BLM Idaho Falls District in Eastern Idaho

Idaho Falls District Office | Eastern Idaho Visitor Information Center 
Field Offices: Challis, Pocatello, Salmon, and Upper Snake 

The South Fork of the Snake River flows from Wyoming into southest Idaho

The Idaho Falls District BLM is a true multiple resource district, hosting everything from the largest phosphate mining program in the nation to a solid wild horse and burro program. A wide array of land uses occur on the District, which stretches from the Utah border north to Montana, west to Craters of the Moon and east to the Wyoming border. Over 130 permanent and career seasonal employees work within the District – when the summer temporaries are hired for fire – we are closer to 180 employees. 

The District is composed 3.7 million acres and broken down into four field offices: Challis (799,000 acres); Pocatello (557,000 acres); Salmon (493,000 acres) and the Upper Snake (1,854,000 acres). Major activities on the district include grazing, recreation, mining, fisheries, fire and realty. The District authorizes over 1400 Right of Ways for various commercial and private activities. Several Realty Specialists work together to complete multiple high priority projects and increasingly heavy workloads. The District is responsible for subsurface minerals throughout the area and is particularly active in the phosphate leases near Soda Springs, Idaho and the molybdenum Mine near Challis, Idaho.

The Idaho Falls District has a vast fire program, staffing 18 engine crews, one Tanker Base, two dozers, two interagency dispatch centers, nine fire stations and the 20-person Snake River Hotshot crew; it is a busy place in the summer. While the 2014 fire season was relatively quiet for the District that is not the norm. The 30-year average is approximately 149 fires per year and about 65,350 acres a year with a 50/50 split between human and lightning fires.

In the Spotlight for the District

University of Idaho 4-H Clubs and BLM Partner to Showcase Wild Horse Yearlings

BLM Seeks Comments on Resource Plan Amendment and Proposed Land Sale of Public Lands in Caribou County, Idaho

Public Input invited for the Shotgun Valley Fuels Reduction and Forest Restoration Project - Island Park area. There is a meeting scheduled for July 16 at the BLM Upper Snake Field Office In Idaho Falls. 

Public Input Needed to Create Activity Management Plan along Blackfoot River

DOI Secretary Jewell Announces Comprehensive Rangeland Fire Strategy to Restore & Protect Sagebrush Lands (05/19/15)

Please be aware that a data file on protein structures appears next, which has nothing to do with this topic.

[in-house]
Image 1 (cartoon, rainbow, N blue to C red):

Restoration Means Jobs in Custer and Lemhi Counties - the Upper Salmon River Region

Vegetation Restoration Tour  
On June 10 and 11, specialists from the BLM Challis and Salmon Field Offices hosted a tour of existing sagebrush steppe restoration projects located in the Mackay, Upper Pahsimeroi and Leadore areas.  The restoration projects were implemented in these areas with the goal of restoring herbaceous understory vegetation in sagebrush areas to improve sage grouse habitat. Staff members from the BLM, IDFG, USFWS, NRCS, and University of Idaho Extension toured the three existing project areas to discuss and gather ideas from the participants for implementing future proposed projects in the Salmon and Challis areas.  Discussions included evaluating the successes and what could be improved for future proposed projects.

The Idaho Falls District Resource Advisory Council (RAC) Tours Soda Hills and Bear River Narrows 
The District RAC met in Pocatello June16-17 for new member orientation and to tour some of the project occurring in the Pocatello Field Office. Dan Isaak, a fish researcher for the Forest Service in Boise attended the event and provided a dynamic and entertaining discussion on climate change and the impact it is having on cold water fish species. The tour consisted of driving to Soda Hills to see various fuel projects, allotment work and partnership collaboration that has saved hundreds of acres of important mule deer habitat. Following that discussion the group headed to the Bear River Narrows to discuss a possible dam project that FERC is currently considering. If allowed, the new dam would wipe out a popular recreation area and BLM campgrounds.